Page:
Throwback Thursday: Meet Joe Black

13 Jun

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Today’s we’re going to meander down memory lane like a senile old person. Which lane, you ask? Well it’s not really a lane, it’s a metaphor. I mean, it’s a movie. The lane is a movie, not a metaphor. Wait, the lane is a movie, and THAT’S a metaphor. English, motherfuckers.

So I’d like to go back to 1998 for a second and talk a little about one of my favorite movies, Meet Joe Black. This film stars Anthony Hopkins, Brad Pitt and Claire Forlani and tells the tale of Death, who decides to take a vacation from ushering souls to the next place and wants to experience the high life of an accomplished man. Death takes a body and steps into the life of the man he’s chosen, media mogul Bill Parrish. Parrish’s daughter has recently met the man in the body which death decided to use and this sets the story off. 

My love for this movie compels me to talk about it forever, but for your sake I will try to filter and limit myself. The premise of this movie is just so-so but the incredible performances make it a film that stays with you. The way Pitt plays Death is genius and is explained in a clever scene with Hopkins as they stroll on the city sidewalk. Pitt constantly seems distracted but wouldn’t you be if you were doing a thousand things simultaneously? There is a scene where Pitt uses a Jamaican accent to great effect and I am totally transfixed whenever I hear it. I also can’t say enough about Hopkins’ performance. He is so sure of himself, so passionate but he’s also in a vulnerable position which endears the audience to him. The monologues that Hopkins delivers, about life and love, are so powerful and apt that I often reflect on them in a spare moment. 

I especially cherish the relationship between Hopkins and Forlani, or dad Bill and daughter Susan. The way he dotes on her, and adores her, it reminds me of my dad. I am my father’s first child and only daughter, and the way he looks at me, with pride and a kind of secret wink that reassures me I am loved unconditionally; it’s really defined my personality. I love seeing Hopkins and Forlani interact on-screen in this close relationship; it fills me with warmth. Too bad Forlani’s career crashed and burned after this movie. Making out with Brad Pitt must have blown up all her brain cells. It’s the only logical conclusion.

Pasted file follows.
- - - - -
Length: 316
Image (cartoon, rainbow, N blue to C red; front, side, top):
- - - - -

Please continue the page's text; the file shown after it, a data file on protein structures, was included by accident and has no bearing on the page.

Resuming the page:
The music and set pieces in this film are incredible, and incredibly timeless in my opinion. For a movie that’s 15 years old I still want the way Bill Parrish’s home is decorated for his birthday party to be the way my wedding is decorated. The music everyone dances to could still be played today. Everything about this movie suggests romance and mystery and a sense of wonder and refinement.

A final word about the story, everyone’s part in this movie is really great, not just Forlani, Pitt and Hopkins. Jake Weber, Marcia Gay Harden and Jeffrey Tambor all do an excellent job as suspicious colleague, sensitive daughter and kind hearted husband respectively.

There are quite a few clever and funny scenes in the movie, but occasionally we aren’t sure if something is supposed to be funny or not, such as the scene where Pitt’s young man dies being hit by a car, or when Quince comments that he loves little girls. I sense this is just poor directing from Martin Brest, who also directed Gigli and has never made a movie since. I get the notion that this cast did all the legwork here, or maybe humour just isn’t Brest’s strong suit.

Even though this movie has an unbelievably long run time of three hours, if you let yourself love this movie the pay off is big. Beautiful set pieces, soaring music scores, wonderful performances filled with truth and wit make this one of my faves.

Happy Father’s Day to my dad, who never gives up on his kids, who loves unconditionally, who is inclusive, funny and warm and who is always sure of himself.

I’m aiming to see Man of Steel this weekend so hopefully I’ll have a review for that out next week, as well I caught This Is The End this past Tuesday and I will have a review tomorrow for that film. It’s definitely fun, and funny, but in the most low brow way you can imagine. More later, you greedy, naughty penguins. 

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